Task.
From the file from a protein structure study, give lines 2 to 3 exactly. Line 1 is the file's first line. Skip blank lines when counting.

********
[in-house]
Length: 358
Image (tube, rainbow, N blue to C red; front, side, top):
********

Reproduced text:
Length: 358
Image (tube, rainbow, N blue to C red; front, side, top):